The Lagos State Government has issued six weeks ultimatum to articulated vehicle owners to put their vehicles in order and obtain necessary documents or have them impounded.
The decision was reached at a stakeholder’s meeting with owners of trucks and articulated vehicles in Lagos, Southwest Nigeria.
The Director, Vehicle Inspection Service, (VIS), Engr. Akin George Fashola, said that there was an agreement among participants that a period of six weeks be given all stakeholders involved in haulage movement to revalidate their documentation and put their vehicles in a proper working condition, failure of which such vehicles would be impounded by the VIS.
The sensitisation, according to Fashola, became necessary in view of the frequent traffic jam resulting from the frequent breakdown of rickety vehicles and articulated trucks that daily ply Lagos roads and the danger they constituted to citizens’ safety.
Fashola, who chaired the meeting, stated that the stakeholders meeting was aimed at bringing different players together to educate them on government policy relating to the movement of dry and wet cargo within the State as well as intimating them with regulations guiding road carnage by articulated trucks in Lagos.
He added that the increased traffic in the metropolis, occasioned by the regular breakdown of articulated vehicles, indicated the need to inculcate the culture of safety in motorists plying Lagos roads as well as enlighten them on the need to be more cautious and responsible in their daily operations.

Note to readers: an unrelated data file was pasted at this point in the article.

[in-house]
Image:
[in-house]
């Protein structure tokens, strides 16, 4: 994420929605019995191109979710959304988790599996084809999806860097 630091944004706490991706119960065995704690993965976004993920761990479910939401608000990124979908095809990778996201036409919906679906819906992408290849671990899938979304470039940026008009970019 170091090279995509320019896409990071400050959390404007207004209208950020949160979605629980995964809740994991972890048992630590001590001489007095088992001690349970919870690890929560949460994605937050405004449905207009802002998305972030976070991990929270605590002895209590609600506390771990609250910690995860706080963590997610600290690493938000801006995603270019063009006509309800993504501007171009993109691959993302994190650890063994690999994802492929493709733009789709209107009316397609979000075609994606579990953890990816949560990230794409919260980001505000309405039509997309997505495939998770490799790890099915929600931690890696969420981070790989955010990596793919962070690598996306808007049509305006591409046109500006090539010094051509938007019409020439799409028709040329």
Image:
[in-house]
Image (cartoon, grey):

Fashola warned that the Vehicle Inspection Service (VIS) would henceforth, uphold the State government’s zero tolerance for rickety trucks and articulated vehicles to promote safety on Lagos roads.
While warning operators of articulated trucks, tippers and tankers to comply with all guidelines on Safety and Standard operations or be sanctioned, the Director listed some areas of agreement between all parties, such as zero-tolerance for rickety trucks and articulated vehicles on Lagos roads; all drivers of articulated vehicles should ensure they hold the required Class-G drivers licence; and there should be adequate publicity on radio, television and newspapers on government directives to sensitise other members absent from the gathering.
Other decisions include that all articulated vehicles that develop mechanical problems should not be allowed to load or leave their loading points; there should be a collaboration with haulage companies that own computerised testing facilities that meet global standard practice to enhance compliance and safety; there should be continuous training and retraining of drivers, among others.
The highpoint of the stakeholders meeting was the signing of a Memorandum of Understanding (MOU) between the State Government and Trucks Owners to ensure safety and free vehicular movement on Lagos roads.